Thursday, January 26, 2012
A Separation Movie Review: Best Movie of 2011
Newton’s Third Law of Motion tells us that to every action there is an equal and opposite reaction. Newton was referring to the physical world, but it would seem that something similar is at work in the metaphysical world as well. For every action we take as individuals, even when it’s a personal and private action that seems to only affect ourselves, somewhere someone else receives some reaction to it. Maybe that’s true. I really don’t know. But the idea that lives are intertwined with neighbors and family, that decisions have far-reaching implications beyond immediate gratification is the central theme of Asghar Farhadi’s brilliant family drama A Separation.
I was not particularly fond of Farhadi’s last film, About Elly, but now that I’ve seen the full extent of the subjects he’s interested in presented in a film this powerful and absorbing, I understand the previous film a little more. The separation of the title immediately refers to the marriage between Nader (Peyman Moadi) and Simin (Leila Hatami). She is asking for a divorce because they have already gone through the extensive process of procuring a visa to live in another country, they have forty days before it expires, and he’s refusing to leave Iran because his father, stricken with Alzheimer’s, needs constant care. Simin is not content to raise their 11-year-old daughter, Termeh, in a country where she has no future.
Farhadi places his camera in the objective position of the state official they’ve brought their case to. Neither party is placed in a more favorable light. We can sympathize with both positions. Nader and Simin are each right and they are each wrong. This scene with its shades of gray sets up the difficult reality of decisions and consequences featured in the story. How is truth decided when each person has their own take on a particular situation? How is justice meted out with regard to truths that should be objective but are so often found to be subjective? And when justice for one party means injustice for the other, what is the fair decision? Life is not lived on one side or the other, but rather somewhere on a spectrum between just and unjust, right and wrong. Farhadi’s intricately woven and complex screenplay understands this instinctively.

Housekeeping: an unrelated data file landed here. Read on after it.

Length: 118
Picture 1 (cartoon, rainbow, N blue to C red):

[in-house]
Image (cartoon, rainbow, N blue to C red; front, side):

Simin moves out of the house, leaving Termeh with Nader, who refuses to give his permission for her to go. Her moving out has a deeper motivation in her desire for Nader to simply express his wish that she stay. Because Simin is no longer around to look after Nader’s father, he is forced to hire a woman to come every day. This sets up the central conflict. He hires Razieh (Sareh Bayat), who is 4 months pregnant, has a husband out of work, and brings her 4-year-old daughter with her. She is rather unprepared for the task of looking after an elderly man who sometimes can’t make it to the bathroom. Coming from a standpoint that finds religious fundamentalism completely bizarre, I can’t help but feel disturbed by a culture that causes a woman to call a religious counselor to ask if it’s a sin for her to undress and clean a man who has wet himself.